Registry
FiberGlass trailers seem to be owned by "engineers" whether formal or informal. People willing and able to Do-It-Yourself, whatever "it" may be. One brand of new FGRVs has stated that somewhere between 85%- 95% of their buyers are engineers. That's their target clientele. These FiberGlass trailers appeal to people who like things "elegant." Who like solutions to be true solutions, not transposed problems from one place to another. Who like things that work properly for a long time.


We have used tents (I discovered they only exacerbated my intense fear of bears), a plain truck bed camper top, a 60s Aloha trailer ( painted aluminum), a FiberGlass-topped Conversion Van, a tent-trailer, and was even involved in our son's SilverStreak, a knock-off Airstream.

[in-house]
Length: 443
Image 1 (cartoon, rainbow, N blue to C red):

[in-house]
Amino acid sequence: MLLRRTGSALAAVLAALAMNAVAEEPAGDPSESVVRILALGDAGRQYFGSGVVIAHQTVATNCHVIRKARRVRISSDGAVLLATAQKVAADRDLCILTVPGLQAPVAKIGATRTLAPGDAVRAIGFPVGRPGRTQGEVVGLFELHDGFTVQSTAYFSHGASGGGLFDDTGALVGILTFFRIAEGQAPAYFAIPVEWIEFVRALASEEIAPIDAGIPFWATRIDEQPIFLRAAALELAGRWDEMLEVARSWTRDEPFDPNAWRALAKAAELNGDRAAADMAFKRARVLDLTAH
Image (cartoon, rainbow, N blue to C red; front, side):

We put more effort into the conversion van than anything up to that point, but it was so small inside! And once set up & camped we had to unset in order to drive into town. That got old fast. The tent-trailer (a pop up tent on a hard base shell) required hand cranking and set up, which was a pain in the arms and hands.

Then, for hauling picnic baskets, a doggy x-pen, and other equipment for local daycations, we bought a little used cargo-hauling trailer meant to be towed behind a large mortocycle, a kind of Gold Wing Legacy (with no markings on it) made of fiberglass. It was chipped and moldy inside. How could we fix it up? In searching the web, we found this FGRV site and learned how to remove mold from fiberglass. We learned it doesn't get INTO fiberglass, but lives on top. So following directions here, we managed to scrub and bleach it clean and sweet. And being here, we saw all the little "marshmallow" trailers I'd noticed first as a child and always wondered about, but had forgotten. They aren't prevalent unless you're at a rally, gathering, or meet. Suddenly we were bitten by the FGRV bug.